4. How can we understand the difference between ‘climate action’ and ‘climate justice’? Is there a salient difference between the two?

You can have climate action without climate justice. Climate action itself has become watered down and undermined by corporate influences. Most people want to take climate action, but the truth is that the term itself is nebulous. Is climate action buying a metal straw? Petitioning my local government? Having a plant-based diet? All of the above could be considered climate action, but climate justice narrows our focus. Climate justice asks us to examine how policies and practices disproportionately affect vulnerable communities and to replace those policies/practices with better ones. When we channel our climate action through the lens of climate justice, we end up with intersectional solutions and stronger outcomes than what quantifies climate action. It’s one thing to focus on our individual decisions and impacts, but climate justice asks us to go beyond and recognize that while we’re in the same storm, we are not all in the same boat.

5. There is so much information on climate change on multiple platforms. How can we know what data is reliable and what isn’t?

I think it’s worth noting the shift from climate denial to climate delay. World governments and multi-national corporations have all made statements on how they seek to approach sustainability (the problem is these are still mostly just statements and often fail to address unsustainable or exploitative systems, but that’s a different story). In some ways, we’ve beaten the war on outright climate denial, at least on a global scale.

Most people think our issue is if information is reliable or not, but our real issue is in how this information gets presented and who controls the narratives. We have reliable information, but we still need to turn toward our story-tellers and communicators that emphasize intersectionality, indigenous wisdom, resistance movements, and more. Very often information on climate change gets presented as definitive and disastrous, and this itself is dangerous as it often excludes the perspectives and interpretations that can lead to and empower systemic change.

6. Having been dedicated to climate activism, can you share an instance with us where you saw yourself being able to generate real, positive impact?

I’m extremely grateful for the following I have and the support I receive, because it enables me to support so many other amazing individuals and organizations. It’s hard to pick one, but I’d say that anytime I have the chance to work with environmental justice organizations, especially in my own community, I feel the most fulfilled. The quote “think global, act local” comes to mind because it summarizes a lot of the work I do and how I approach my work. There are so many efforts besides my own and I love when I’m able to help raise awareness and support the organizations and individuals making it happen.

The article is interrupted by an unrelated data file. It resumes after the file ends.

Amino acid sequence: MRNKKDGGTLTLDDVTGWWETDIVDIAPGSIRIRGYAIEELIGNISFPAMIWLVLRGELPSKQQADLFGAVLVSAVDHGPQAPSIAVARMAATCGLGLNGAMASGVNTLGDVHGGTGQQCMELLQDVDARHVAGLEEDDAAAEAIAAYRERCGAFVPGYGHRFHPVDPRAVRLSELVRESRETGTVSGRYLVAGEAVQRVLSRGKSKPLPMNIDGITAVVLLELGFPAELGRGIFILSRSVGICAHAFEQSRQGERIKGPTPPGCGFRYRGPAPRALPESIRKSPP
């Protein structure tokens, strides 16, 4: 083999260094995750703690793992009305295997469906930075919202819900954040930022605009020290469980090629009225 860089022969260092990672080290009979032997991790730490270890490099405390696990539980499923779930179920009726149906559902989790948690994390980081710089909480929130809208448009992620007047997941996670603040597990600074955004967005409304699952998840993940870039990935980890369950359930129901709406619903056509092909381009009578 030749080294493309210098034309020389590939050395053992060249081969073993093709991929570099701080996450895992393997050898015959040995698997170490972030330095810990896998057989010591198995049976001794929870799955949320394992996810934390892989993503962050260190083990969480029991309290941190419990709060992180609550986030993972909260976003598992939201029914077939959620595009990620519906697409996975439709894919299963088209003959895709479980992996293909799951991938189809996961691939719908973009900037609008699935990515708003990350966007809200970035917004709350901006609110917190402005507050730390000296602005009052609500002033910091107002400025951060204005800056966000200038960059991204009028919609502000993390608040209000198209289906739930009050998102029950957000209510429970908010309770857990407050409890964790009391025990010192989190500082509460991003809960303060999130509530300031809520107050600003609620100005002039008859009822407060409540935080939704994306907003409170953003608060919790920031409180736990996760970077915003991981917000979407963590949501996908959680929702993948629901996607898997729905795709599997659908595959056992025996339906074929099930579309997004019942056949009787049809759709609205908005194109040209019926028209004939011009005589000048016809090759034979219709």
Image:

7. What keeps your drive for activism strong?

Having my own platform helps! Being able to express myself authentically and in a way I can sustain is what makes all of this possible (as well as having a team behind me). Also, being among a community of change-makers and having friends in this space helps keep me inspired. I want to create a world where people don’t experience the same problems that I did, where people aren’t breathing and consuming poison because of where they live or their economic and racial identities. Lastly, I think resting is the real secret! I also take daily walks. Taking care of my physical, mental and spiritual health keeps me engaged in a sustainable way.

8. What is the one thing you’d like to communicate to our audience which you feel doesn’t get talked about enough?

There isn’t a set of requirements to being an environmentalist, there’s no check-box that you need to complete. It’s not even about solving climate change, because no one person can do that. Solving the climate crisis is about solving the broken systems that have led to it, and solving the broken systems (as an individual) means identifying what problem(s) you connect with and are uniquely equipped to solve. You’ll burn yourself out by doing work you can’t sustain. The world needs environmentalists that are problem-solvers and while it’s important to consider the big picture, this really means focusing on the problems you can solve.

Go beyond and use that individuality to find a collective movement, and I don’t just mean Greenpeace or Extinction Rebellion. Collective movements can look like engineering firms, farms, offices, really anywhere that has people connected by a shared belief and dedicated to solving a problem. If you look, you’ll see there are tens of thousands devoted to solving almost any problem you can think of (and if there isn’t one, then maybe you’re the lucky one to start it). We’re being asked to reimagine all the ways we live in and interact with the world and that’s not an easy task – be gentle toward yourself!

If you’d like to know about Isaias Hernandez’s work, you can visit his website.